Pilania, Ghanshyam, Gubernatis, James E., and Lookman, Turab. Structure classification and melting temperature prediction in octet AB solids via machine learning. United States: N. p., 2015. Web. https://doi.org/10.1103/PhysRevB.91.214302.
Pilania, Ghanshyam, Gubernatis, James E., & Lookman, Turab. Structure classification and melting temperature prediction in octet AB solids via machine learning. United States. https://doi.org/10.1103/PhysRevB.91.214302
Pilania, Ghanshyam, Gubernatis, James E., and Lookman, Turab. Mon . "Structure classification and melting temperature prediction in octet AB solids via machine learning". United States. https://doi.org/10.1103/PhysRevB.91.214302. https://www.osti.gov/servlets/purl/1469521.
@article{osti_1469521,
title = {Structure classification and melting temperature prediction in octet AB solids via machine learning},
author = {Pilania, Ghanshyam and Gubernatis, James E. and Lookman, Turab},
abstractNote = {Machine learning methods are being increasingly used in condensed matter physics and materials science to classify crystals structures and predict material properties. However, the reliability of these methods for a given problem, especially when large data sets are unavailable, has not been well studied. By addressing the tasks of classifying crystal structure and predicting melting temperatures of the octet subset of AB solids, we performed such a study and found potential problems with using machine learning methods on relatively small data sets. At the same time, however, we can reaffirm the potential power of such methods for these tasks. In particular, we uncovered an important new material feature, the excess Born effective charge, that significantly increased the accuracy of the predictions for the classification problem we defined. This discovery leads us to propose a new scale for the degree of ionicity and covalency in these solids. More specifically, we partitioned the crystal structures of a set of 75 octet solids into those that are ionic and covalent bonded and thus performed a binary classification task. We found that using the standard indices (rσ,rπ), suggested by St. John and Bloch several decades ago, enabled an average success in classification of 92%. Using just rσ and the excess Born effective charge ΔZA of the A atom enabled an average success of 97%, but we also found relatively large variations about these averages that were dependent on how certain machine learning methods were used and for which a standard deviation was not a proper measure of the degree of confidence we can place in either average. Instead, we calculated and report with 95 % confidence that the traditional classification pair predicts an accuracy in the interval [ 89%, 95%] and the accuracy of the new pair lies in the interval [96 %, 99%]. For melting temperature predictions, the size of our data set was 46. We estimate the root-mean-squared error of our resulting model to be 11% of the mean melting temperature of the data, but we note that if the accuracy of this predicted error is itself measured, our estimated fitting error itself has a root-mean-square error of 50%. In short, what we illustrate is that classification and regression predictions can vary significantly, depending on the details of how machine learning methods are applied to small data sets. This variation makes it important, if not essential, to average the predictions and compute confidence intervals about these averages to report results meaningfully. However, when properly used, these statistical methods can advance our understanding and improve predictions of material properties even for small data sets.},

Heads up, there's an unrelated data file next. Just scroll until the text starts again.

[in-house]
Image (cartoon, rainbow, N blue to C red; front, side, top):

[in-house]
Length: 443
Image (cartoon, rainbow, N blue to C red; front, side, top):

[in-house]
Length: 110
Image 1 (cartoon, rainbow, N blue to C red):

doi = {10.1103/PhysRevB.91.214302},
journal = {Physical Review. B, Condensed Matter and Materials Physics},
number = 21,
volume = 91,
place = {United States},
year = {2015},
month = {6}
}

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Cited by: 11 works